Machine learning muscle magnetic resonance imaging (MRI)-based tool may help physicians in the diagnostic process of muscular dystrophies, according to study results published in Neurology.

Although next-generation sequencing significantly improved the diagnostic efficiency for muscular dystrophies, it has various limitations. Machine learning uses algorithms to analyze data, learns from them, and then makes a determination or predictions. The researchers applied a machine learning strategy to a large dataset of muscle MRI studies performed in patients with genetically confirmed diagnoses of muscular dystrophies.

The primary research question was whether machine learning is able to correctly suggest diagnosis of muscular dystrophies based on muscle MRI of the pelvis, thighs, and leg muscles.

The study included MRI studies from the pelvic, thigh, and leg muscles of patients with genetically confirmed diagnosis of muscular dystrophies: dystrophinopathies (both Duchenne and Becker muscular dystrophies, n=46 patients), limb-girdle muscular dystrophy [LGMDR]-1 (CAPN3 gene, n=73), LGMDR2 (DYSF gene, n=181), LGMDR3 to -6 (sarcoglycanopathies, n=69), LGMDR9 (FKRP gene, n = 40), LGMDR12 (ANO5 gene, n=28), muscular dystrophies caused by mutations in the LMNA gene (n=41), facioscapulohumeral muscular dystrophy (FSHD, n=269), oculopharyngeal muscular dystrophy (OPMD, n = 171), and Pompe disease (n=68).

A total of 10 MR images were excluded because they were normal and did not show any fat replacement. Therefore, the study included a total of 976 MRIs.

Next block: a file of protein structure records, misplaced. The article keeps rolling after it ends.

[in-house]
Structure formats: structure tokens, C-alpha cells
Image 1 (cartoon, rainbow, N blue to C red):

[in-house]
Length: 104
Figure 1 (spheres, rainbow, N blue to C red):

Of 2000 different models, the best model selected had a diagnostic accuracy of 95.7%, with an overall sensitivity of 92.1%, specificity of 99.4%, positive predictive value of 98.06%, and negative predictive value of 99.53%.

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The researchers compared the accuracy of the model to predict the diagnosis of muscle dystrophies with 4 experts in the field using a new set of 20 MRIs and found that the model generated was able to distinguish among disorders with higher accuracy than the experts. The software obtained a final score of 55 of 60 points, whereas the experts obtained 42, 41, 38, and 31 of 60 points, respectively

One of the limitations of the study, according to the researchers, is the inclusion of 10 different muscular dystrophies, but not including other potential diagnoses as a result of the limited numbers of MRIs from these patient groups.

“This study can be considered as a proof of concept that demonstrates that artificial intelligence can be applied to the field of muscle MRI. We need to implement the tool by adding more diseases,” concluded the researchers.

Reference

Verdú-Díaz J, Alonso-Pérez J, Nuñez-Peralta C, et al. Accuracy of a machine learning muscle MRI-based tool for the diagnosis of muscular dystrophies [published online ahead of print, February 6, 2020]. Neurology. doi: 10.1212/WNL.0000000000009068